6 Key Traits for Entrepreneurship

By at 7 October, 2019, 7:46 pm

by Raymond J. Keating-

The New Oxford American Dictionary defines a “trait” as “a distinguishing quality or characteristic, typically one belonging to a person.” So, what are the key traits one needs in order to be an entrepreneur?

Of course, a great deal of ink has been spilled – as they used to say in pre-internet days – over this question. So, here’s my addition to the list of key traits needed to be an entrepreneur. My take is based on watching and talking with entrepreneurs over the years, studying the economics of entrepreneurship, teaching innovation and entrepreneurship, and being an entrepreneur myself.

1. Creativity. Entrepreneurship requires some minimal level of creativity. The entrepreneur must be creative in terms of seeing an opportunity where others have not, whether that be in terms of offering a new good or service, improving an existing product, or identifying a market not being served; creating new processes or efficiencies; and/or finding ways to start up a business, survive tough times and/or accessing paths for growth. All of this requires some basic creativity.

2. Courage(?) Over Fearfulness. When it comes to starting up and/or operating your own business, there’s a great deal coming at you – sometimes fast and without warning. Assorted risks, uncertainties and challenges will generate some degree of fear. For those who tend toward being fearful, entrepreneurship will a tough ride. Fearfulness often leads to paralysis, and that’s deadly in the marketplace.

In contrast, people like to say that courage is required to be an entrepreneur. That’s true, although the word “courage” tends to get over used these days (I’ve been guilty of this in my own writing at times), and I have a bias toward limiting the use of the word “courage” for times when individuals put their lives on the line, face grave ills or family problems, etc. Having said that, for entrepreneurship, I prefer to replace the word “courage” with terms like “action-oriented” and “problem solving.” Entrepreneurs cannot afford to be paralyzed or to procrastinate in the face of risks, uncertainties and challenges. Instead, an entrepreneur needs to have a bias toward action, as well as possessing the mindset of being a problem solver, whether that be solving a problem in the market with a new or improved product, or taking actions or making changes required to keep the business moving forward. Entrepreneurs need to have action overcome fear.

3. Goal-Oriented. What’s the point? That is, what are you looking to achieve as an entrepreneur? No matter what the answer is – from changing an entire industry, creating a new industry, being your own boss, or running a part-time business that helps pay the bills or simply generates enjoyment for yourself – every entrepreneur needs a goal or set of goals. The goal-oriented entrepreneur is better able to get and stay focused, and to make sure that everything being done is pointed to this aim or desired result.

4. Deadline-Oriented. How many times have you heard someone say, “Yeah, I’ve got an idea for a business, and I’ll get around to it someday”? It’s easy to just say stuff, and then let time slip by without doing anything. One of the most critical things I learned as a newspaper columnist was the importance of deadlines. Indeed, it didn’t take too long into my 20-plus years as a newspaper columnist to become deadline-oriented, and that has been essential to my economist career and to my entrepreneurial ventures. Deadlines have been essential in moving from planning to action in terms of new endeavors. And when I stay deadline-oriented, my productivity increases. In contrast, when I fail to set hard deadlines, well, it’s easy to let things slip; productivity falters and the chances for failure rise. Another trait people like to assign to entrepreneurs is being “disciplined,” and that’s absolutely correct. But I would argue that being deadline-oriented is foundational to being disciplined.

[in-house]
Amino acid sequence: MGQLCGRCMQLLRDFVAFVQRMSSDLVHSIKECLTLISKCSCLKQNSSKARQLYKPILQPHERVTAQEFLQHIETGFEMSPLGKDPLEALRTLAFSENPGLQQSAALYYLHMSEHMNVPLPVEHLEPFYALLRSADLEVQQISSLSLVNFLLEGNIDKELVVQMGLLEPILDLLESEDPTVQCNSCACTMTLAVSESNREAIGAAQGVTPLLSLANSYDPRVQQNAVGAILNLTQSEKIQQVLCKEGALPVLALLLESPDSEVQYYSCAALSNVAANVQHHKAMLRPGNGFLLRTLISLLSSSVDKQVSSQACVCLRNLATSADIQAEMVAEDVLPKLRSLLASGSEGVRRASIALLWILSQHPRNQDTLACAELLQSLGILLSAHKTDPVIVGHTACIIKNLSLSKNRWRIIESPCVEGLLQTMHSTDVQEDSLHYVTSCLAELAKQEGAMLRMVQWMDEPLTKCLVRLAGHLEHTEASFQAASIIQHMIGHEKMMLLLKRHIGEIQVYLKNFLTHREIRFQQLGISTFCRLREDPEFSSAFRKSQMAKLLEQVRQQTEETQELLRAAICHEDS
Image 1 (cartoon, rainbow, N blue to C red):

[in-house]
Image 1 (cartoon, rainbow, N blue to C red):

5. Flexibility. The marketplace is anything but stagnant. Rather, it’s dynamic and ever-changing. Entrepreneurs need to be flexible in order to make adjustments and changes. Think of all the factors that can and will change, and therefore, will affect your business, including technology, consumer tastes, competitors, the economy, government policies, pricing, and so on. Flexibility is needed to adjust to all of these, and countless other, influences.

6. Honesty. Finally, honesty matters for an entrepreneur. First, who wants to work for or do business with someone who is dishonest? Not many. So, it’s rather simple, be honest and follow the Golden Rule.

Second, honesty also is required for entrepreneurs when evaluating their own abilities, skills, products and business. It’s very easy for entrepreneurs to slip into thinking that they can do it all. But that’s not realistic, and such notions don’t help the business. Entrepreneurs have to possess a certain brutal honestly with themselves. They have to answer some tough questions. For example, what am I good at, what am I lousy at, and where do I need help? Where do I need to improve, such as in my ability to communicate? How can my product be improved? Is the market I expected actually there for my product? Do I need to change my good or service in some way? And even, is this working at all; should I try something else? Have I properly figured out how to reach customers?

So, these are my contributions to the entrepreneurial traits discussion. I would add that while there are traits that would be nice for entrepreneurs to have, but perhaps are not necessary, this is my must-haves list for entrepreneurs, whether an entrepreneur is looking to overturn an industry or seeking to earn some extra money and have fun via a part-time venture.

Raymond J. Keating is chief economist for the Small Business & Entrepreneurship Council.

News and Media Releases